The Calgary Journal
The Calgary Journal


A Calgarian's decade-long struggle with alcoholism, a failed liver and his newfound quest for sobriety

thumbnail img 6264Twelve years ago, Calgary native Andrew Killam was living the type of lifestyle that he and his friends had always dreamed of. He and his best friend had just moved into an apartment together and the two of them were beginning to establish themselves as credible artists in the Calgary rap scene.

Killam's Mayfair Place apartment on the corner of Elbow Drive S.W. and Glenmore Trail S.W. quickly became the central hub for local artists to hang out, work on their lyrics, and most importantly, to party and to drink to their hearts' content.

Logan Cameron makes a living off of being a projectionist, but the occupation is going out of style

Projectionist6Logan Cameron is an "accidental projectionist" who came to love film. But now that the medium has gone out of style, he doesn't get to work with film much anymore — although he's convinced it will come back.

Cameron first found himself behind a projector in 2002 after the collapse of the projection union. Due to salary cuts, projectionists citywide began abandoning their jobs.

Hoping to find individuals to run the projectors, managers turned to their existing employees.

"It seemed like all the managers just chose their favorite employees to be projectionists," says local Calgarian, Cameron.

Back then film was the only means to show movies. But that just isn't the case anymore.

Sister ministers help their childhood church cross the bridge into the 21st century

thumbanil ella and janeElla Groves and Jane Fleming were raised in a religion where the spirit world is everywhere and can be reached through clairvoyant abilities. The sisters stepped away from their religion for a little while, however, the disrepair of their Calgary childhood church brought them back to carry it into the new age.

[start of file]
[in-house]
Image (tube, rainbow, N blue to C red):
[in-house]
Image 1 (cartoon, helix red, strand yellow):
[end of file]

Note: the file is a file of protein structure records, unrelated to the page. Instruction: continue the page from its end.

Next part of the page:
Both sisters are ministers at the Calgary First Spiritualist Church located in West Hillhurst in a simplistic refurbished duplex.

Emily Lamb seeks to educate about benefits of trapping

Emily thumbnailPeople who don't understand trapping, often assume that trappers are nothing more than animal killers. However, Emily Lamb is very passionate about wildlife, and sees trapping not only as a living, but also as a conservation effort.

Lamb's passion for wildlife sparked at a young age when she grew up on her family's farm.

"We were not wealthy people, by any means. Everybody had to share the workload, and I really liked doing that kind of stuff. I loved going out and feeding the cows and the chickens. I was outside all the time."

At the age of 21, Lamb received her diploma in Wildlife and Forestry Conservation and began an internship working with a non-profit wildlife rescue. Through her time with them she became curious about hunting and trapping.